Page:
How a Pioneering Lesbian Became the Nazis' 'Hyena'

How a Pioneering Lesbian Became the Nazis' 'Hyena'

Why you should care

Because there’s more to this bad guy than meets the eye.

It was a photo finish. Speeding cars kicked up clouds of dust as they screamed past the flag, and out sprang the grinning winner, a burly, broad-shouldered, dapper fellow who wouldn’t look out of place on any racetrack in 1920s France.

But a closer look revealed something a little funny about this macho figure — a few curves out of proportion and a smoother-than-expected face. This racing hero was Violette Morris, a woman designed to stun more than a few crowds in her time. Looking back, we might call her a badass pioneer for women — if only her story hadn’t taken a shocking turn onto the wrong side of history.

This butch lesbian went on to become such a ferocious Nazi that the French Resistance ordered her assassination.

When those shots were taken, Morris was at a strange time in her life. A nationally recognized athlete, she’d won the hearts of many. But her refusal to conform and her unabashed queerness were about to drive her out of town — and into a spiral that would see her betray her country and join the ranks of history’s most notorious murderers. This butch lesbian went on to become such a ferocious Nazi that the French Resistance ordered her assassination.

Morris knew she was different from an early age. When World War I broke out, she put her short-lived marriage on hold to become an ambulance driver and suddenly found herself in her element. As shells exploded and mud slicked beneath her tires, she tore through the network of trenches, helping wounded soldiers get out of harm’s way. From there, she shifted her life into the fast lane — not just behind the wheel — by jumping into women’s sports, excelling at everything from swimming and running to javelin throwing. She boxed, often beating male challengers, and played for the French women’s national soccer team, where she became known for throwing devastating punches, especially if it meant winning.

Violette Morris

Source Bibliothèque Nationale de France

And win she did. Morris’ successes, especially her 1927 victory in the grueling 1,000-mile, 24-hour Bol D’Or race, brought her fame and international renown. Surprisingly, perhaps, many people didn’t seem to care that Morris was rocketing to fame while wearing short hair and men’s suits. Being butch in 1920s Europe was hard, but in big cities like Paris, queer scenes thrived — and not so far underground. Lesbians met, drank and danced in hopping bars like Le Monocle, where the famous Hungarian photographer Brassaï snapped a photo of Morris with an arm around a date. That photo caught the eye of novelist Francine Prose, whose recent book, Lovers in the Chameleon Club, Paris 1932, is partly inspired by the “fascinating and enigmatic” Morris.

Prose tells OZY that her book began with questions about who Morris was and how she became a Nazi. But, like “all questions regarding the origins of evil,” there was to be no simple answer, she says.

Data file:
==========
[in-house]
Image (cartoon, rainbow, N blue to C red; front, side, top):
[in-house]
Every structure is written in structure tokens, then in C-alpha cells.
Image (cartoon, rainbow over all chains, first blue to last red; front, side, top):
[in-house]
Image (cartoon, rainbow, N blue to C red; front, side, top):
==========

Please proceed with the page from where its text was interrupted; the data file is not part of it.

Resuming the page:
It’s hard to know what was going through Morris’ head when she decided to throw her lot in with Hitler. But her relationship with France started to sour a year after her Bol D’Or win, when she was banned from the 1928 Olympics for wearing a suit. Her decision to get a double mastectomy — allegedly to fit into race cars better, but perhaps driven by a deeper discomfort with gender — left her further out in the cold.

But Morris’ larger-than-life personality, from her three-pack-a-day smoking habit to her sharp-dressed presence in Parisian nightclubs, made her a popular figure. She was well acquainted with people in the queer scene, as well as France’s best and brightest politicians, celebrities, athletes and debutantes. And that, combined with a personal invitation to the 1936 Berlin Olympics from Hitler himself, made her a perfect — if unlikely — Nazi spy.

Shortly before World War II broke out, the intelligence wing of the SS recruited Morris. Her connections brought some shocking information to the Nazis, from defense plans to blueprints of the latest French tanks. When Germany invaded France, Morris took her treason public: Now a Gestapo agent, she was in charge of dismantling Resistance operations and interrogating prisoners. Morris was in her early 50s, but her tremendous strength and brutal torture techniques earned her a horrifying nickname: the “Hyena of the Gestapo.” Which is why, in April 1944, the Resistance struck back, gunning her and other collaborators down as they went out for a drive.

An LGBT person, an acclaimed athlete and a Nazi, Violette Morris was a contradiction in terms. Living in a world that had no language for explaining who she was, Morris made her own rules. We can never excuse the “Hyena,” but her brutality serves as a reminder that things are often not what they seem.

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